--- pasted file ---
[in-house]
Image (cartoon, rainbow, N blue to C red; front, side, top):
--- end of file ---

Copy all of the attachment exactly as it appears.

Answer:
[in-house]
Image (cartoon, rainbow, N blue to C red; front, side, top):